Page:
A Wounded Loyalty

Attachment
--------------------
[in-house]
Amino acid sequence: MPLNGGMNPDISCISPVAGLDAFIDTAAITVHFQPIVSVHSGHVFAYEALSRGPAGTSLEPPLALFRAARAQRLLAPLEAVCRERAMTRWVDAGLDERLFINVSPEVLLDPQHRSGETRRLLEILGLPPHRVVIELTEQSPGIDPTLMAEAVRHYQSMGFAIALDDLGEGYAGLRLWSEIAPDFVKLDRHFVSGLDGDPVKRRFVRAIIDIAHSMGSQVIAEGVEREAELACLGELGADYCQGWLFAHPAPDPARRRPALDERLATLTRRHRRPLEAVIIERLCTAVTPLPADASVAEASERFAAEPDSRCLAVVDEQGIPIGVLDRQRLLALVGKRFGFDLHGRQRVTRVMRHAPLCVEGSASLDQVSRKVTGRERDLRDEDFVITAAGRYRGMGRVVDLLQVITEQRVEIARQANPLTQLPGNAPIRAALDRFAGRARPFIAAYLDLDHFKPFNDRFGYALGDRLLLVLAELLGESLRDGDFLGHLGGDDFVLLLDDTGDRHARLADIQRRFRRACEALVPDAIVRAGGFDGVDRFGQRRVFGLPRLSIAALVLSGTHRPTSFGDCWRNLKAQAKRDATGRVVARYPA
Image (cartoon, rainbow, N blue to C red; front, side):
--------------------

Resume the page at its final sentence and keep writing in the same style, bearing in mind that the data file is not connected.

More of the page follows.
You shall not hate your brother in your heart, you shall surely reprove your fellow and not bear guilt because of him. Leviticus 19:17 “This last winter was another lost in fog. As usual he did nothing.” In this way A.B. Yehoshua introduces readers to the anonymous, plodding, intellectually undistinguished Israeli protagonist of his story “Facing the Forests,” which appeared in 1968. The character betrays clumsiness even with his own perceptions, which often strike him as blurry, out of focus. A haze encircles him. At first he seems merely lazy, but slowly, slowly, at the glacial pace of a narrative that unfolds in a universe staggering beneath its own drowsiness, the reader realizes that this man is bound by an incapacitating awareness that something terrible has gone wrong. He has been sewn into an inheritance, bequeathed to him at birth, which he is powerless to set right. This awareness thickens and befuddles him, affecting him more than it seems to affect anyone else in the story. The other characters are utterly immune to whatever dark reality shackles him in place.  Solitude, his friends decree, will cure him. They propose a plan: he must become a forest ranger — ads in the newspaper assure them that such a position exists. All alone for months on end surveilling the trees in case of fire, this isolation will invigorate him, they insist, and shake loose the clutches of inertia. They do not know what the reader freshly suspects: that inertia is the mechanism by which he ignores an unbearable truth. It is his cure, and there is no cure for it. Since protestation requires energy, which his crushing passivity saps, he finds himself some days later at the Forestry Service where “in a sort of dangerous drowsiness” he cannot stop himself from expressing

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